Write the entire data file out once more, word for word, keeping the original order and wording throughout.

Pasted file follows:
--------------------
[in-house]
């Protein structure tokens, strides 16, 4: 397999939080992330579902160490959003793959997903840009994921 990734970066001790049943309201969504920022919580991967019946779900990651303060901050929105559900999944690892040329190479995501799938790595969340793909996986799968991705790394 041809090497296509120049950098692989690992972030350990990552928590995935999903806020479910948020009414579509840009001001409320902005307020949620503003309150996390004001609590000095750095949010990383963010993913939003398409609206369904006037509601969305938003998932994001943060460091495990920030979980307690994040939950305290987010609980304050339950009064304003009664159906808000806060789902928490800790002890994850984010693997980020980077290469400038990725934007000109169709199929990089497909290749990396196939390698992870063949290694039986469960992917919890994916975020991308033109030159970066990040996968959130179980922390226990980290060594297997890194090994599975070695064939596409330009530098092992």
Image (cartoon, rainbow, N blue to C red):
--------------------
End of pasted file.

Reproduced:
[in-house]
């Protein structure tokens, strides 16, 4: 397999939080992330579902160490959003793959997903840009994921 990734970066001790049943309201969504920022919580991967019946779900990651303060901050929105559900999944690892040329190479995501799938790595969340793909996986799968991705790394 041809090497296509120049950098692989690992972030350990990552928590995935999903806020479910948020009414579509840009001001409320902005307020949620503003309150996390004001609590000095750095949010990383963010993913939003398409609206369904006037509601969305938003998932994001943060460091495990920030979980307690994040939950305290987010609980304050339950009064304003009664159906808000806060789902928490800790002890994850984010693997980020980077290469400038990725934007000109169709199929990089497909290749990396196939390698992870063949290694039986469960992917919890994916975020991308033109030159970066990040996968959130179980922390226990980290060594297997890194090994599975070695064939596409330009530098092992």
Image (cartoon, rainbow, N blue to C red):